Malaysian plane data re-examined
Experts will re-examine all data gathered in the hunt for the missing Malaysia jet to ensure search crews are looking in the right place.
Senior officials from Malaysia, Australia and China met to work out the details of the next steps in the search for Malaysia Airlines Flight 370.
They will target an expanded patch of seabed in a remote area of the Indian Ocean off Western Australia.
The area became the focus of the hunt after a team of analysts calculated the plane's likeliest flight path based on satellite and radar data.
Starting on Wednesday, that data will be re-analysed and combined with all information gathered so far in the search, which has not turned up a single piece of debris despite crews scouring more than 1.8 million square miles of ocean.
"We've got to this stage of the process where it's very sensible to go back and have a look at all of the data that has been gathered, all of the analysis that has been done and make sure there's no flaws in it, the assumptions are right, the analysis is right and the deductions and conclusions are right," Angus Houston, head of the search operation, said.
Investigators have been frustrated by a lack of hard data since the plane vanished on March 8 during a flight from Kuala Lumpur to Beijing.
A weeks-long search for surface debris was called off last week after officials decided any wreckage that may have been floating has probably sunk.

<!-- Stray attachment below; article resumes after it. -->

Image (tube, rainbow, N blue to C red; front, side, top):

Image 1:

"Unfortunately, all of that effort has found nothing," Australian transport minister Warren Truss said.
"We've been confident on the basis of the information provided that the search area was the right one, but in practice, that confidence has not been converted into us discovering any trace of the aircraft."
Mr Houston has warned the underwater search is likely to drag on for up to a year.
Mr Houston and Mr Truss met Malaysian defence Minister Hishammuddin Hussein and Chinese transport minister Yang Chuantang in the Australian capital Canberra today to map out the next steps of the underwater search, which will focus on a 23,000 square mile patch of seabed.
Officials are contacting governments and private contractors to find out whether they have specialised equipment that can dive deeper than the Bluefin 21, an unmanned sub that has spent weeks scouring the seabed in an area where sounds consistent with a plane's black box were detected in early April.
The Bluefin has been limited by the fact that it can dive only to depths of 2.8 miles - and parts of the search zone are probably deeper than that.
Adding to the difficulties is the fact no one really knows exactly how deep the water in the search area is.
"I don't know that anyone knows for sure, because it's never been mapped," Mr Truss said, adding that detailed mapping of the seabed will be a key focus of the next phase of the search.
In addition to deeper diving capabilities, the new equipment will be able to send information back to crews in real time. The Bluefin's data can be downloaded only once it returns to the surface after each of its 16-hour dives.
It will probably take another two months before any new equipment is in the water, Mr Truss said.
The Bluefin will continue to be used in the meantime, though its search is currently on hold while the Ocean Shield, which has the sub on board, is taking on supplies at a base in Western Australia.